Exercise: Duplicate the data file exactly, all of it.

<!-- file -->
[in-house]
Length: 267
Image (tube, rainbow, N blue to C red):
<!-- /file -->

[in-house]
Length: 267
Image (tube, rainbow, N blue to C red):